Burnt Tire in the Air), 2004-2006 © Rogério Reis.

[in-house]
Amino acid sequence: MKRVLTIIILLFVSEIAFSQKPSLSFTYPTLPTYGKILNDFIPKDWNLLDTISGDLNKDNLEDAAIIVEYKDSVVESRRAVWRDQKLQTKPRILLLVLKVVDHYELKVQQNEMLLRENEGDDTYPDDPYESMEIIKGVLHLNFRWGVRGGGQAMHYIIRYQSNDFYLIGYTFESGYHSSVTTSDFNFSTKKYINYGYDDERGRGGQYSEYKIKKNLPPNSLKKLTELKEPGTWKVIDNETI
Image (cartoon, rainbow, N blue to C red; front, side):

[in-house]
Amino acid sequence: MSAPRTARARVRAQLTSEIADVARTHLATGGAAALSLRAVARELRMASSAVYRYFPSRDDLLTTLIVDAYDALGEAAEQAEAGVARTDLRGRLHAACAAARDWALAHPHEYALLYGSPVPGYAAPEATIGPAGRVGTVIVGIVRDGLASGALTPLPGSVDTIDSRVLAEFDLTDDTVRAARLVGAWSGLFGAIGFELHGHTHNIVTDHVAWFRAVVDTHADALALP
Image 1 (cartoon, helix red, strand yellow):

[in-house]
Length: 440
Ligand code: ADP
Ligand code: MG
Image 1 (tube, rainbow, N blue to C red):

This afternoon I came across this interview with Brazilian photographer Rogério Reis in the journal Public Culture. A significant portion of Reis's earlier work deals with carnival and reminds me in some ways of images made by Joel Peter Witkin. But Reis also has, more recently, done an installation consisting of a series in memory of people (including some of his friends and colleagues) who have been killed in what are called "microwaves" - murder weapons consisting of automobile tires soaked in gasoline and set ablaze. Drug dealers in the favelas of Rio de Janerio essentially use these tires to create a crematorium that burns the individual inside to death and, in the process, make it highly unlikely that authorities might identify the remains. This clearly is an effective, gruesome way to eliminate enemies and destroy evidence at the same time. (This seems like a 'perfected' version of the practice of 'necklacing' that became a relatively common way of summarily executing 'collaborators' in South African townships in the 1980s.) In the interview Reis, who himself began as a photojournalist, reflects on the pervasive violence in large Brazilian cities and, importantly, on the role of the media in perpetuating the violence - in particular he refers to the sorts of processes that will be familiar to those who've seen films like City of God or Bus 174.